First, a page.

On Oct 18, 4:26 pm, Nam Nguyen <namducngu...@shaw.ca> wrote: |Be careful. Keep answering my question with *if*-this-then-and-*if*- that-then |and you might end up agreeing with me there's a meta mathematical statement |that has no absolute truth, which would signal the advent of relativity in |mathematical reasoning.
If you want to start talking about "absolute truth" you need to have some kind of grasp of what you mean by the term.
If I adjoin to Q a new primitive predicate A(n) and provide no new axioms, then lots of statements pertaining to A are then independent of Q. Is A(0) true? Can't tell. Is A(1) true? Can't tell. As long as I don't supply you with an interpretation (so that A has a specific meaning) these sentences don't constitute specific statements any more than "x=3" does before we say what x represents. This is a kind of relativity that always exists. It comes from just not specifying what "A" refers to.
If we consider sentences in the language of Q, lots of people will say that each one is either true or false in an absolute way, even if we have no way of determining which it is. There's no use in trying to attack this point of view by means of twiddling around with elements of mathematical logic. You need to make some kind of philosophical argument about what is required for a statement to be absolutely true or absolutely false. (And if you do, plenty of people won't be persuaded. That's just how philosophy works.)
|Note that I emphasized on "_syntactically_" to signal that the question and |the answer be discussed syntactically, not model-theoretically.
There's no distinctive "model theoretical" consistency distinct from syntactic consistency.
[...] |In my recent replies to KR, the key question I have is: | | >> Syntactically speaking, would it be possible that a formula F be | >> undecidable in all consistent extensions of the Robinson Arithmetic Q | >> formal system?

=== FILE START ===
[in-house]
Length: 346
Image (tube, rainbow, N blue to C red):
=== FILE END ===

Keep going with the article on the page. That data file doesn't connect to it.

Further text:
As Aatu explained, it's not.
If F were independent of all consistent extensions of Q, then since Q is consistent, then F would be independent of Q. Hence there would be no proof of ~F in Q, and Q+F would be consistent. By the original assumption again, F would be independent of Q+F. But F is provable in Q+F, a contradiction. The original assumption, then, that F is independent of all consistent extensions of Q is impossible.
This proof does not rely on the law of excluded middle. It goes straight from the assumption that F is independent of all consistent extensions of Q to a contradiction without dividing by cases. There is no "either-or" needed.
|---> The Objective | |The objective I have in this question is to establish a meta mathematical |statement (about FOL) that would have no absolute truth though in its form |it'd appear as if there would be an absolute truth value.
It's futile to try unless and until you get some basis for claiming that a statement has no absolute truth value.
I don't think your strategy of resorting to meta- levels is promising at all. To show that you need to go to a "meta" level you need already to show that there's some issue with the original language that calls for it.
There are cases where we would say that a sentence in a language doesn't have a fixed meaning. We determine that not by considering it syntactically, but by considering what it means in the given context. If you would prefer not to get off into some philosophical argument, then as there's no non-philosophical way of addressing issues of meaning or ultimate truth, you just have to set the whole question aside.